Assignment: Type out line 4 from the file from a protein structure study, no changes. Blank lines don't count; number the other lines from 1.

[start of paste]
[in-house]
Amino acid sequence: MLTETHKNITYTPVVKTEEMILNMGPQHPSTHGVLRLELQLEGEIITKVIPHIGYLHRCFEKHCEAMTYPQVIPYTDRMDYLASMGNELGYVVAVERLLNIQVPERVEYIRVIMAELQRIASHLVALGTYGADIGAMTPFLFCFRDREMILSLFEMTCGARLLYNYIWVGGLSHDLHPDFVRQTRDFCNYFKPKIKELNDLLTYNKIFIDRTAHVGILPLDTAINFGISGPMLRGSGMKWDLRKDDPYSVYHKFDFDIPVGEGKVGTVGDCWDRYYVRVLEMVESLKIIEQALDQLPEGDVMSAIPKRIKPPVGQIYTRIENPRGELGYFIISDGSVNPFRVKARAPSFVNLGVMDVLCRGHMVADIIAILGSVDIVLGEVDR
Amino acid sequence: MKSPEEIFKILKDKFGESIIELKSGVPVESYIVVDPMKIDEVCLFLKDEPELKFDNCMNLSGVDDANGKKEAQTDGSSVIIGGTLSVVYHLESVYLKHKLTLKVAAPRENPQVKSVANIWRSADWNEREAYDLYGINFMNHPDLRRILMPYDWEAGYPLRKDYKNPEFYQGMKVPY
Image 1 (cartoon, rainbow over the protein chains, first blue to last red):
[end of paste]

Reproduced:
Image 1 (cartoon, rainbow over the protein chains, first blue to last red):